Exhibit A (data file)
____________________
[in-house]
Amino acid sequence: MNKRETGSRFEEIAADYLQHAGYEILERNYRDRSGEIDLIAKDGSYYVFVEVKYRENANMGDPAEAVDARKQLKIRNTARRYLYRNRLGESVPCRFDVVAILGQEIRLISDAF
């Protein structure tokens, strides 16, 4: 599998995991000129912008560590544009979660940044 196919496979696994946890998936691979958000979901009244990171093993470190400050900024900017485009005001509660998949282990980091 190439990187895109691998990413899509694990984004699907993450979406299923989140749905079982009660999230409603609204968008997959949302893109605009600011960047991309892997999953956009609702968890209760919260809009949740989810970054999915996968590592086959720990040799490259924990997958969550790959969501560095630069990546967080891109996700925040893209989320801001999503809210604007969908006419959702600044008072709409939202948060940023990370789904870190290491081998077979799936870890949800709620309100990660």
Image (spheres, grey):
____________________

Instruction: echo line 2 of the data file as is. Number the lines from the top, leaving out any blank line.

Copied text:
Amino acid sequence: MNKRETGSRFEEIAADYLQHAGYEILERNYRDRSGEIDLIAKDGSYYVFVEVKYRENANMGDPAEAVDARKQLKIRNTARRYLYRNRLGESVPCRFDVVAILGQEIRLISDAF